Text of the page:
Face Challenges Confidently

408 Philipello v. Taylor

Tuesday, September 1st, 2015

Richard F. Brown

The following is not a legal opinion. You should consult your attorney if the case may be of significance to you.
Philipello v. Taylor, 10-11-00014-CV, 2012 WL 1435171 (Tex. App.—Waco Apr. 25, 2012, pet. denied) (mem. op.), held that the Duhig rule did not apply based on the intent of the parties as determined from evidence of the surrounding circumstances.  In 1991, a Farm and Ranch Earnest Money Contract provided that 1/2 of the minerals were owned by a third party, and seller agreed to sell 1/4 of the minerals and the surface to buyer, with seller retaining 1/4 of the minerals.  Nine days later, the property was conveyed by a deed prepared by the title company which did not expressly state that 1/2 of the minerals were outstanding in a third party.  The 1991 deed conveyed the land to the buyer, reserving 1/4 of the minerals to the seller, and it recited “that this conveyance is subject to all leases, easements, restrictions, covenants, . . . of record and actually affecting the property on the ground.”  The parties were aligned as successors in interest to the grantors (“Grantor”) and grantee (“Grantee”) under the 1991 deed.  The issue was whether the Duhig rule applied so as to convey all of Grantor’s minerals (1/2) to Grantee.
The Duhig rule provides that “a reservation in a deed is ineffective when, as a result of the grantor’s title shortage, the conveyance and the reservation cannot both be given effect.”  “Extrinsic evidence of intent is admissible only if the deed is ambiguous on its face.”  Neither party asserted that any of the governing documents were ambiguous.  Nevertheless, this “‘does not prohibit consideration of surrounding circumstances that inform, rather than vary from or contradict, the contract text.’”  The court then relied upon the “subject to” clause in the 1991 deed and its reference to “restrictions” and “covenants” to conclude that the deed “arguably supports the contention that the 1991 deed implicitly referenced the [outstanding 1/2 mineral interest] and, thus, does not support a Duhig finding that [Grantee] received more than the one-fourth interest that was bargained for.”  The word “arguably” is used multiple times in the opinion, because the court is obviously stretching to get to the extrinsic evidence.  The court concludes that the contract, the deposition testimony, and the “plain language of the deed” reveal the intent of the parties to be that Grantor reserved 1/4 of the minerals and Grantee received 1/4 of the minerals.  The extrinsic evidence “does not result in a variance or alteration of the terms of the 1991 deed, especially considering [the outstanding 1/2 mineral] interest arguably falls within the language of the ‘subject to’ clause of the deed.”  “In effect, we do not believe that the Duhig doctrine, being equitable in nature, operates in this case to vest the [Grantee] with a mineral interest that exceeds that which they bargained and paid for.”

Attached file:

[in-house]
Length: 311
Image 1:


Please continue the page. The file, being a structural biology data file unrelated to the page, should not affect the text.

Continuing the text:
The court disregarded the merger doctrine based on mutual mistake, considered multiple agreements as part of the same transaction, and also found it compelling that the remote Grantee bringing the claim was also a party to another contract and deed in 2001 that made it clear that there was a 1/2 outstanding mineral interest.  The significance of the case is that the Duhig rule is not much of a rule for title examiners if it is too easy to bring in extrinsic evidence to vary the apparent operation of the rule when based on the record title.